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Old June 11, 2019, 07:16 AM   #15
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For home defense 12 Gauge loads, I use Federal flitecontrol OO Buckshot. You can get it with 8 or 9 pellets and with low recoil or high powered. Most of my stuff is 9 pellets of low recoil. The flitecontrol keeps the pattern tight which means more pellets on target and less chance of hitting other people/things.
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Old June 11, 2019, 01:26 PM   #16
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Now, I suppose once the BG heard me racking my first shot, they would turn tail and end of story.
Or they don't hear it at all. Or you have just announced your location to the intruder.

The internet/movie myth of racking a shotgun holds about as much water as Biden's advice to shoot both shells from your double-barrel into the air to scare off intruders.

Personally, I feel a pistol or AR-15 with proper ammo are better choices for home defense, but if you must go with a shotgun, 00 buckshot would be my choice.
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Old June 11, 2019, 02:13 PM   #17
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An AR indoors will blind and deafen the intruder in a dark room - and you as well.
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Old June 12, 2019, 06:31 AM   #18
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We have a couple 9's and an AK. I just want to add a shot gun to the mix.
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Old June 12, 2019, 07:39 AM   #19
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Let’s stay on topic.
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Old June 12, 2019, 08:11 AM   #20
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No, 3" is not needed at all. For coyotes and hogs, sure.

I prefer #1 buck for close encounter working shotguns.

If you think you need Flite Control wads for close in shotgun work, just go to slugs.
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Old June 12, 2019, 09:31 AM   #21
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Did someone say to pattern your buckshot loads at the various distances that you think you might use it in the home?

You want to see the spread of the pattern. It is mythology to want a big spread as a substitute for aiming the gun.

Another nuance, if you have a rifled barrel, the pattern may look like a very large donut with no pellets in the center.

Bottom line, you have to practice and test the gun.
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Old June 12, 2019, 09:47 AM   #22
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Did someone say to pattern your buckshot loads at the various distances that you think you might use it in the home?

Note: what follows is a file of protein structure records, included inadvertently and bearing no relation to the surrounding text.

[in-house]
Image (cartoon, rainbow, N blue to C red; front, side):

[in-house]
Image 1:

That is important advice.
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Old June 12, 2019, 10:09 AM   #23
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It's all very well to say don't rack your pump gun, but that means you have to store it with a shell chambered, cocked and locked. 24/7, probably for years. I'm not sure that's a good idea.

All this "revealing your position" stuff sounds good, but are you really planning on shooting the dark form across the room without positively identifying who it is and if they are armed? Home defense is not combat.

I like to think of racking the gun as setting the proper tone for the brief negotiation about to take place. (Hands up or I shoot.)
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Old June 12, 2019, 10:11 AM   #24
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It's all very well to say don't rack your pump gun, but that means you have to store it with a shell chambered, cocked and locked. 24/7, probably for years. I'm not sure that's a good idea.

All this "revealing your position" stuff sounds good, but are you really planning on shooting the dark form across the room without positively identifying who it is and if they are armed? Home defense is not combat.

I like to think of racking the gun as setting the proper tone for the brief negotiation about to take place. (Hands up or I shoot.)

To address the OP's original question: 12 ga 2 3/4" 00 Buck. Plenty of power, reasonable recoil, smooth feeding.
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Old June 12, 2019, 10:29 AM   #25
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Yeah, I say these things because of the buy a magic racking shotgun and all will be well mantra we hear.

Yes, most DGUs are from untrained, simple incident scenarios but I worry about those that aren't.